Protecting the children: Don't blame overburdened workers in underfunded system

For more than two decades, I have stood helplessly by, watching the system of children's care perpetrate and perpetuate abuse of the very people who are working tirelessly to eradicate the abuse — myself included.

No one outside this system of care has the right to criticize the folks in the trenches. No one outside of the system knows what it's like to hold the safety, the life, of a child in his hands.

Outsiders don't know what it's like to have to determine whether a child can stay home safely or must be stripped from his home. Social workers are criticized for ripping families apart, and they are criticized for letting them stay together. It's a lose-lose situation always.

As in every other profession, there is a small percentage of social workers and other community mental-health professionals who don't do their jobs, and they should be dismissed.

In my experience, however, 97 percent truly care about doing a good job, about making good decisions for people and their families. They try hard to do the right thing, all while underfunded, understaffed and underpaid. Most have caseloads three to four times what best practice recommends. Does $30,000 a year cover such responsibility?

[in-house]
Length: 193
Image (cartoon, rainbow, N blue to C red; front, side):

It's not humanly possible for these folks to do what is expected of them. This is the most difficult job in the world; those who do it are abused by the system and sometimes by the families they're trying to help. But they work every day to help stop abuse within families.

It's a tough job, having all this responsibility, and all would agree that monumental changes are needed. The entire system needs to be overhauled. Don't just punish a worker or two, then wait for the next tragedy to get up in arms.

If we really cared about children, the elderly and every other vulnerable person around us, we would adequately fund child-protective services and other agencies so they could do their jobs and do them to the best of their ability.

Until this happens, Kentucky will remain high in child-fatality rankings. But with proper funding and resources, fewer children in Kentucky would die. Are we willing to put our money where our mouth is?